Day 31: Life As an Immigrant for One Hour

She doesn’t smile for governments.

I was born in America with a handsome Asian face, thus I always felt like a bit of an outsider. I didn’t know how trite my perspective was until 2013. I walked for an hour in my wife’s shoes and realized how she experienced this country as a non-citizen legal resident.

My wife and I were heading back from a week-long trip in Europe. There were two lines at U.S. Customs in Washington, D.C. — one for citizens like myself and one for “others.” I headed towards the empty citizens line, but my wife pulled me back and said, “I have to go in this one.”

The queue was enormous. Families of all shades of color waited impatiently to be admitted into the land of the free and home of the brave. I think I saw someone playing a morose song on a fiddle. Everything was sepia-toned.

As I inched closer to the customs agent, I kept looking at the other line, longingly, wondering what could have been. Near the end of the line, I finally asked one of the agents if my wife could also use the citizens line.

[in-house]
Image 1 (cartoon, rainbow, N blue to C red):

“Of course, she can!”

I gave my wife a look, and her face blushed with embarrassment. A few people behind us laughed at us as we awkwardly crossed through the lines and walked right up to the customs agent sitting patiently in his booth.

I was processed almost immediately.

My wife, however, endured a few more obstacles: photographic fingerprinting, incessant questioning about her activities and personal life, and even a blood and urine sample (okay, not the last one, but still.)

Finally, we were both approved to enter our country of residence, but I was surprised by what I saw. “Is this what you have to do every time you come to the country?” I asked.

“Every time. I’m used to it by now, I guess.”

My wife came to this country on a Fulbright scholarship. She earned a master’s degree and recently a Ph.D. in sociology. She has paid her taxes every year for eight years and avoided breaking the law. She’s awesome.

Yet, for that one hour, I saw how my country viewed her: outsider, foreigner, suspicious individual — Other. It didn’t seem fair… dare I say un-American. When I was young, I questioned why people didn’t have an unyielding sense of loyalty and belonging to this country and its government.

Now that I’m older, I sometimes question why people do.


Write with intention. Think with compassion.

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Lee Ngo

Lee Ngo

Write with intention. Think with compassion.

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